SU faculty is leading community growth far beyond campus boundaries

Updated: Mar 26, 2019


SU is leading community growth far beyond campus boundaries.


SU’s Executive Director for Economic Development William Burke and Director of SU’s Center for Extended and Lifelong Learning Mary Angela Baker recently graduated from the Leadership Maryland program.


After eight months of learning Maryland’s most vital social, economic and environmental issues, the pair is primed to use their acquired knowledge to benefit SU and the surrounding community.


“By getting involved with Leadership Maryland, you’re meeting with people from all different business sectors, all different types of leaderships, all different types of viewpoints,” said Burke. “And so you’re expanding your leadership position way beyond the area you lead.”


Burke and Baker were among 50 applicants selected who spent over half a year learning about the state of Maryland, the critical and unique issues it faces and successful solutions to these problems.


Burke expressed how the strong chemistry between the applicants created an exciting and productive learning experience.


“They all understood why they were there. They all had the right types of personality and attitudes, and they knew what the objective was. It ended up being a very exciting opportunity,” said Burke.


One of Leadership Maryland’s primary goals is to create opportunities for change and empowerment on a local community level, as well as broadening the perspectives of leaders to problems outside their geographical or occupational realm.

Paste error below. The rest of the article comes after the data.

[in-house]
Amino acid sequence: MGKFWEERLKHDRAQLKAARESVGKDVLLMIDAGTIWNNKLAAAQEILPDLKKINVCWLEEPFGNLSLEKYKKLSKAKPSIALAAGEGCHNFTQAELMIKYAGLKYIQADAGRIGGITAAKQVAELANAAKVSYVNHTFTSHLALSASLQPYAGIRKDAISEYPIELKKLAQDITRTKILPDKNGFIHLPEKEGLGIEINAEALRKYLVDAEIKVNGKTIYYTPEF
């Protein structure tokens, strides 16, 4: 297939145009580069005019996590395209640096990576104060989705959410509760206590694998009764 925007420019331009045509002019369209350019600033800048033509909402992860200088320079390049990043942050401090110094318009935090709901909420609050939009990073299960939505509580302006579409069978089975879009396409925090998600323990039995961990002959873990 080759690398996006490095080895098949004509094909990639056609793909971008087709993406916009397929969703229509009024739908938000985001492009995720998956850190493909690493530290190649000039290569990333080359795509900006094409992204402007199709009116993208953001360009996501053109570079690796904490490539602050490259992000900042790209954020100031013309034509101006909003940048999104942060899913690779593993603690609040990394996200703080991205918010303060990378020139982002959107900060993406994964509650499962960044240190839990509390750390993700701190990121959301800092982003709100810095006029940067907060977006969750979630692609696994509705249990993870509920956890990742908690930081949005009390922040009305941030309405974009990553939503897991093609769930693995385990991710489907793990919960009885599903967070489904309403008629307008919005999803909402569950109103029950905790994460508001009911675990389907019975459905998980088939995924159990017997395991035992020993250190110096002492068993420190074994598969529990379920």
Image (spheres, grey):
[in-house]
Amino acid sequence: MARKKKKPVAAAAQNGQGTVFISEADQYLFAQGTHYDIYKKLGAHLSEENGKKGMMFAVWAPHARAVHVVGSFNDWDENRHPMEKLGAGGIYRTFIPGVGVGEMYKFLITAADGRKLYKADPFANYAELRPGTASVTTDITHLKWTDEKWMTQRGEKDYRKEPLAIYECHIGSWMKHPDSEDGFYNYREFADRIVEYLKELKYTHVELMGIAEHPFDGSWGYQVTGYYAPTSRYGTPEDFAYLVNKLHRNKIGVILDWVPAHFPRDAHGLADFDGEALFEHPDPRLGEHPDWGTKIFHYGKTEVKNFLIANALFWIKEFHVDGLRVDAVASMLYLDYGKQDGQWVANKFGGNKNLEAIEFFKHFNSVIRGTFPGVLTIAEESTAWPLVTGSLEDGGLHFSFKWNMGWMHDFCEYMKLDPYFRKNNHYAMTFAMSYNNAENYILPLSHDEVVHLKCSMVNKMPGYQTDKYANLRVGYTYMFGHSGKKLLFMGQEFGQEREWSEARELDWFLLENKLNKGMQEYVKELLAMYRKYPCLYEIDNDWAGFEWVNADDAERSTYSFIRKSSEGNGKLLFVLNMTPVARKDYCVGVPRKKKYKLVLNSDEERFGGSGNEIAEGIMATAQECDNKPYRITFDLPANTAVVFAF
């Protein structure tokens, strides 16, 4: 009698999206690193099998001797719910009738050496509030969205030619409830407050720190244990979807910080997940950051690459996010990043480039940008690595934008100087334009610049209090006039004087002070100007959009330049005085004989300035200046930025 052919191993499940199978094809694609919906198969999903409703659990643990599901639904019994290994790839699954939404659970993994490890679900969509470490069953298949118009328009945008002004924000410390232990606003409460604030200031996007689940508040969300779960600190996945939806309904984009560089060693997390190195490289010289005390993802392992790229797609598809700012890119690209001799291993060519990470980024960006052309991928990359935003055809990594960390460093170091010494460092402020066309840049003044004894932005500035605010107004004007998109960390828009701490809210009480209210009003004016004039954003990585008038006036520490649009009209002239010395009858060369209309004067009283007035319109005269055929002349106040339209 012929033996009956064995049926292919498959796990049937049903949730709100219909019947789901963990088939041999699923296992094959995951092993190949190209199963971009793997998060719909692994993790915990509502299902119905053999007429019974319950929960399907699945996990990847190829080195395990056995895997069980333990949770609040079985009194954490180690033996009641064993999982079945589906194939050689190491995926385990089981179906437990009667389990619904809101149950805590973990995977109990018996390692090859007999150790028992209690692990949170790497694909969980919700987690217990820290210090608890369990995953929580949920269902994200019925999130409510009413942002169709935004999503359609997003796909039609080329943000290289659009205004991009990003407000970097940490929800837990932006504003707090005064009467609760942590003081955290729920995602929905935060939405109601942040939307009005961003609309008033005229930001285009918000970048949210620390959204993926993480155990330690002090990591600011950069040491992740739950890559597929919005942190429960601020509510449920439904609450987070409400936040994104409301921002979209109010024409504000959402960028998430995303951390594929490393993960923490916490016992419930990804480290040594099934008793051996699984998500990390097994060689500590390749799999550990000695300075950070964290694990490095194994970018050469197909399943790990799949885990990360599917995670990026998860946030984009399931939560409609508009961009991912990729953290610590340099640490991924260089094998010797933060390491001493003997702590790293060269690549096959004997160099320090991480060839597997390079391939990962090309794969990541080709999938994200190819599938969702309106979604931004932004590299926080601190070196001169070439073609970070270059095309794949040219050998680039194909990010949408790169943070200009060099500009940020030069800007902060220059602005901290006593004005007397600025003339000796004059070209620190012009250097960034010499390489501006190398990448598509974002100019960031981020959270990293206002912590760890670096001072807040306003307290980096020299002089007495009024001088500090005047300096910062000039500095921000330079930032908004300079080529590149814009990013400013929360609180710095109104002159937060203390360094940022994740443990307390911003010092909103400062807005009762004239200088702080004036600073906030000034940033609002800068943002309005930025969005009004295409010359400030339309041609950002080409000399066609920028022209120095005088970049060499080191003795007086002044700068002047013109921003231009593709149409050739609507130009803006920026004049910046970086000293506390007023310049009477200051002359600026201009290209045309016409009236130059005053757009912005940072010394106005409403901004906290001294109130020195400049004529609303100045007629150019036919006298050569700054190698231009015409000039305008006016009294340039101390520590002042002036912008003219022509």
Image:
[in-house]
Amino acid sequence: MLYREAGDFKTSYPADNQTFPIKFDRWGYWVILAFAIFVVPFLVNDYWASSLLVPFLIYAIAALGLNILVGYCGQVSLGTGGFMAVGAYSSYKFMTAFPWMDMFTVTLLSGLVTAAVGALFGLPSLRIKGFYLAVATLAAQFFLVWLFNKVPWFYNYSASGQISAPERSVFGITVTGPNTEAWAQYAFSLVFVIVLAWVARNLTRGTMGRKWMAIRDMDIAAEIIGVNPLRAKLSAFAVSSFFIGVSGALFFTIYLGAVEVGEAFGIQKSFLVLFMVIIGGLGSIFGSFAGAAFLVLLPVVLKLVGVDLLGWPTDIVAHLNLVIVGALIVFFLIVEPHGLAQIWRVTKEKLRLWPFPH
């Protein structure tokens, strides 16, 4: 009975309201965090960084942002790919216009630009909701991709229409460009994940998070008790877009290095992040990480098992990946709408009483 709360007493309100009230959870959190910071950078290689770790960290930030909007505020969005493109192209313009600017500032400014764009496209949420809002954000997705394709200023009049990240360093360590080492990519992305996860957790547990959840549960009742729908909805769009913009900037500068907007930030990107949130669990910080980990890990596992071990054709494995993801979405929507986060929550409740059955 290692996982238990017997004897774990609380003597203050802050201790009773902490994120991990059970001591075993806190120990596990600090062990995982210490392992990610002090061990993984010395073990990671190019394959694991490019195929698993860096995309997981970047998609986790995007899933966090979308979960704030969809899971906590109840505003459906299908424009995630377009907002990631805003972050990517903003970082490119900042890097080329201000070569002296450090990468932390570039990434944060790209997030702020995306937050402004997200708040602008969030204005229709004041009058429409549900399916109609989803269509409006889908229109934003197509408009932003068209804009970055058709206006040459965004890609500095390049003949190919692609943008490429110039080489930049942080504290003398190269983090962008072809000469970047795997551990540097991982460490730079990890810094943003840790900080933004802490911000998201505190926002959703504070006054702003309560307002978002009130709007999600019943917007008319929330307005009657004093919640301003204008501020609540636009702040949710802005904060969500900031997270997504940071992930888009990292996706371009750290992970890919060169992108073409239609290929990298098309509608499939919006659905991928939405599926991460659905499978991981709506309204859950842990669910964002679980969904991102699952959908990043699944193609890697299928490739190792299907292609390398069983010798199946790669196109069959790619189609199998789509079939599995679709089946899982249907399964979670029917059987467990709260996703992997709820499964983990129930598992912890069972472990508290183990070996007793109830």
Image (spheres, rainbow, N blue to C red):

Burke and Baker were able to visit Baltimore with Leadership Maryland and observe various programs dedicated to providing opportunities for youths in Baltimore to stay on a positive track.


“In Baltimore, there are a number of issues in regards to youth going to school, completing school,” said Burke.


Leadership Maryland puts leaders in a position to not only observe problems, but discuss solutions among various positions of responsibility.


One program that Burke and Baker observed placed middle and high school students in proximity to educated professionals to show them the benefits of an education and a career.


“They’d start them doing some task or activity, and it helps reinforce the fact (idea?) that 'Hey, wouldn’t this job be easier if you had the education?'” said Burke.


The chance to exchange ideas with other types of leaders is invaluable experience.

Burke found that working with people in roles different than his here at SU opened his eyes to new possibilities.


“Typically, if you’re a leader of an organization or a department, or a campus, or a business or whatever, over time you end up getting a ‘supported view,’” said Burke. “You’re internalizing the view you see around your department, organization, etc.”


True to SU’s vision for a thriving community here on the Eastern Shore, Burke plans to employ his newfound perspective right away.


Among many, one of Burke’s future responsibilities will be the soon-to-open Center for Entrepreneurship in Downtown Salisbury. The center opens in spring 2020, and will provide a space for student entrepreneurs, local businesses and citizens to meet and collaborate.


“We’re not just representing students and the campus, but supporting various businesses in the community, supporting leadership in the community,” Burke said.

By KWAME MENSAH

Staff writer

Featured photo: Salisbury University's Office of Public Relations image.

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